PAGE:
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(64 Posts)
BMW6 Wed 17-Apr-13 23:50:58

Arthur Scargill loses battle to have union meet costs of London flat

Whatever happened to him?

Toadinthehole Thu 18-Apr-13 19:33:05

As I understand it, Scargill should have ballotted the entire NUM before calling a strike. He actually prevented this even being debated. He knew that he wasn't going to win this ballot, so instead he arranged for individual regions to declare strikes and force anti-strike regions into line (and as we all know, force manifested itself in varying ways).

It is hardly relevant to say that had a ballot been held later, he would won it. It is hypothesis. Also, it would only have been a recognition that the success of his tactics, not a properly democratic outcome, as the High Court recognised when it adjudged the strike illegal.

grovel Thu 18-Apr-13 19:56:28

Loved reading that Scargill judgment above. Beautifully drafted by the judge (whether he was right or wrong).

alcibiades Thu 18-Apr-13 20:49:47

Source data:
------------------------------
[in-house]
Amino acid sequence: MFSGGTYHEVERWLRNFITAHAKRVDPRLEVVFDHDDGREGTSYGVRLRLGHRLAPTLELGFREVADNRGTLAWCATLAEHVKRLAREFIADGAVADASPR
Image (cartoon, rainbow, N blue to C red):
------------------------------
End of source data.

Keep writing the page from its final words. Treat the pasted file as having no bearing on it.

I remember the miners' strikes, and wondering how it could be that so many families suffered because they couldn't get any financial assistance from the state, nor, it seemed, much in the way of help from the Union itself. Calling a strike within the rules would have prevented most of that suffering, but presumably Scargill wasn't focussed on that. And presumably he wasn't living from week to week as many mining families were.

And as for him calling a strike when the coal supplies at the power stations had been deliberately stockpiled to very high levels - that wasn't a particularly rational way of advancing the cause.

The graph in the article you linked to, niceguy, is interesting when comparing the decrease in output versus the decrease in manpower. I've got a vague memory of the Coal Board wanting to increase efficiency but that would mean changes to standard practice which the unions opposed - but I could be wrong about that.

grovel - lately, for other reasons, I've been reading various judgments. I don't always understand the technical details, but the impression I've gained is that judges are very, very careful in what they say and write. Not just because of a possible appeal, but because that judgment could form part of case law, which is a very important part of the justice system.